U.N. correspondent Ian Williams’ book UNtold: the Real Story of the United Nations will be published by Just World Books in Spring 2017.
Friday, December 23, 2016
Saturday, November 26, 2016
Sunday, November 20, 2016
Investor Relations magazine, Fall 2016
August 29, 2016 | By Ian Williams
Ian Williams ponders the best way to hire a figurehead
There has been a recent spate of complaints that boards and CEOs are not planning for CEO succession. Why is anyone surprised? Imperial CEOs assume the company will go to Hell in a handbasket as soon as they leave, and if CEOs need their maws stuffed with gold just to deliver good results, why would they care what happens once they have landed with their golden parachute?
Just how essential are a CEO’s talents for a corporation? Like the divine right of kings, the indispensability of the CEO seems deeply rooted – but rarely investigated – in IR lore. CEOs are surrounded with awe and pomp while in office but, with a few rare exceptions, in reality they are ephemeral shooting stars who are almost instantly forgotten when they go. Carly Fiorina’s inglorious executive career, for example, had been buried in the public subconscious until she chose to resurrect herself as a US presidential candidate, only to see her reputation reburied even more deeply.
By contrast, we are likely to remember the Fords and the Bacardis and members of the House of Windsor: these bosses’ names evoke historically successful businesses. Dynastic succession does not always work, however. Many years ago I interviewed the bright and optimistic IRO of Seagram – just before perky young heir Edgar Bronfman, Jr took over and destroyed the company. Normally, family members care enough about their operation to keep upstarts on a rein, but young Bronfman was unconstrained. A good CEO might not make much difference to the upside, but a bad one can signpost the road to Hell.
In fact, one reason for lack of succession planning might be that CEOs are taking the Ottoman approach. The first thing a new Sultan would do is murder all the siblings who might threaten his position, and one cannot help but wonder whether CEOs paranoid enough to need golden parachutes and other protective paraphernalia to guarantee safe succession really want to identify potential rivals – other than to exclude them from the equation.
A CEO is indeed a figurehead for a company: the first person investors see. But if we examine the metaphor, the figurehead only appears to be leading the ship. In reality the engine room is below decks, while the vessel is actually steered from much farther back. But figureheads were often decked with gold, so there is indeed a resemblance to the modern CEO.
How necessary is all that gold, though? Ostentatious emoluments – the corporate jets, the golden parachutes, and the rest – are there like Queen Elizabeth II’s privy purse, crown and state coach: so the incumbent can live up to the expectations that employees and shareholders hold of the company.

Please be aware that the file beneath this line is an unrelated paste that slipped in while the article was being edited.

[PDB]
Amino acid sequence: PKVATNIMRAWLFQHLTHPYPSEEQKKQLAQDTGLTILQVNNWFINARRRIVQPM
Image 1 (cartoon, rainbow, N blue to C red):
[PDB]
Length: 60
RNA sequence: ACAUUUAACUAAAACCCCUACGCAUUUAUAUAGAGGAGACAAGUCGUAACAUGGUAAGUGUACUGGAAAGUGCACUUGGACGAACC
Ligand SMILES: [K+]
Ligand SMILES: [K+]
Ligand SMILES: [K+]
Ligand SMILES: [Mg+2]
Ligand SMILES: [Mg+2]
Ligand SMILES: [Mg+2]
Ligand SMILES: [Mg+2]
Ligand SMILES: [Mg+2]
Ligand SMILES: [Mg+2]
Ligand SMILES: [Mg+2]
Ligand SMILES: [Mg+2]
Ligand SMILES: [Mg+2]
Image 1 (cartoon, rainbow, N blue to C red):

The purpose of pretending to try outside recruitment is to boost the myth that there is a market for CEOs, so that the compensation committee the CEO appoints will be trapped in the whirring treadmill, always paying more than the average, and the few who are appointed from outside contribute admirably to the expanding universe of executive pay by doubling their remuneration.
Above all, however, it is clear that a CEO’s main tasks are to perform for the shareholders and public, and to boost morale in the company. It is not that high pay is necessary to incentivize these executives, for surely they would give their all for the company anyway, out of loyalty? No.
Preferably, then, the CEO succession should be from within the company so the candidates know its idiosyncrasies. For the pool of CEO candidates, therefore, the line of succession should clearly come from the IR department. IR people need some coaching in the simulation of leadership – acting, voice coaching, deportment and similar skills – but no one can match their knowledge of corporate workings. At last, a figurehead that thinks!
Then again, CEOs should epitomize, not exclude themselves from efficient market theory, which suggests that CEO contracts, like all others should go to the best qualified – and lowest – bidder, which in turn reinforces using the IR department as the recruitment pool – because everyone knows that IROs come cheaper than all others.
Saturday, October 29, 2016
United Nations Report
The Other 2016 Election: for Next U.N. Secretary-General
By Ian Williams
EVEN WITH ALL the media attention swallowed by the Trump/Clinton battle, there is amazingly little attention given to the selection of a new secretary-general to replace the retiring Ban Ki-moon. Making it even more remarkable is that, albeit by the opaque standards of previous elections, this is the most transparent in the 70-year history of the U.N., where the selection of the world’s “secular pope” has traditionally been carried out in the proverbial smoke-filled rooms.